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Enabling SSL and HTTPS on a WordPress site

G13th November 2016

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TSSL, WordPress

Step-by-step instructions for enabling your WordPress blog or website to be served over HTTPS using SSL or TLS.

There is a movement online which seeks to encourage website owners to implement SSL or TLS across their entire websites and serve all content over HTTPS, rather than just pages managing sensitive-content. There are some good reasons to do this, not withstanding the fact that Google has elevated HTTPS as a ranking signal.

Implementing HTTPS for a WordPress website is rather easy, although it can look daunting. Here are the steps that you should go through in order to serve your entire WordPress website over HTTPS.

Step 1: Buy a certificate

There are many SSL certificate vendors out there and many types of certificates available that range in price considerably. Let’s Encrypt is an automated and open Certificate Authority which offers 90-day SSL/TLS certificates for free. I recommend them.

Installing a certificate is easy via cPanel. If this option isn’t available to you, contact your web hosting company.

Step 2: Utilise protocol-relative URLs in your theme

The HTML in your WordPress theme is probably filled with links that look like this:

<a href="http://www.mysite.com.au/link/to/resource.htm">

Remove all references to http: from your theme code and instead use protocol-relative URLs:

<a href="//www.mysite.com.au/link/to/resource.htm">

Check all of the files in your theme, but don’t stop at your HTML either. Look at your CSS too, including any embedded fonts!

Step 3: Change your WordPress URL

Log into your WordPress administration (wp-admin). Navigating the menu on the left, go to Settings > General and change the Word Press Address and Site Address URLs from http:// to https://.

Screen capture of WordPress administration area.

Go to Settings > General in WordPress wp-admin to change the website’s URL to https://

Step 4: Force SSL for wp-admin

WordPress offers a setting to force the wp-admin to be accessible only over HTTPS. To activate this, edit your wp-config.php and add the following line:

define('FORCE_SSL_ADMIN', true);

Once complete, you should be automatically redirected from http://www.mysite.com.au/wp-admin/ to https://www.mysite.com.au/wp-admin/

Step 5: Check for mixed-content warnings

When a HTTPS web page is requested but contains content served over HTTP (such as embedded images), most browsers will give a “mixed content” warning. Aside from being a security risk, mixed content warnings alarm visitors. You will need to carefully check the code of your web pages and identify any remaining sources of “mixed content”, such as:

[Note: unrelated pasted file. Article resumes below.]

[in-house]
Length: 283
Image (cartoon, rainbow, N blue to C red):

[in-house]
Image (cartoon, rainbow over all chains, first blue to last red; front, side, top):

• Images
  • JavaScripts
  • CSS
  • Fonts
  • Social media plug-ins
  • Embedded third-party content
Mixed-content warning in Firefox

A “mixed-content” warning in Firefox, indicating that an HTTPS page contains content served over HTTP.

Identifying these can sometimes be a challenge, but they need to be remedied prior to moving on to the next step.

Step 6: Redirect all traffic to HTTPS

The last key step is to redirect all traffic to HTTPS automatically, using the .htaccess file on your server. In a text-editor, open your site’s .htaccess file and include the following:

# BEGIN WordPress
<IfModule mod_rewrite.c>
RewriteEngine On
RewriteBase /

RewriteCond %{HTTPS} !=on
RewriteRule ^ https://%{HTTP_HOST}%{REQUEST_URI} [L,R=301]

RewriteRule ^index\.php$ - [L]
RewriteCond %{REQUEST_FILENAME} !-f
RewriteCond %{REQUEST_FILENAME} !-d
RewriteRule . /index.php [L]

</IfModule>
# END WordPress

This has the added benefit of issuing a 301 “moved permanently” status code. This will tell search engines that the page has been permanently moved to HTTPS.

Step 7: Enable HSTS

Enabling HTTP Strict Transport Security is a very good idea. To enable this, add this line to your .htaccess file:

Header set Strict-Transport-Security "max-age=31536000; includeSubDomains" env=HTTPS

Step 8: Tell the world!

That’s it, you’re done! Whilst you may be tempted to send out a Tweet, you may also want to update Google Webmaster Tools and any other third-party services that your website may be using.

   

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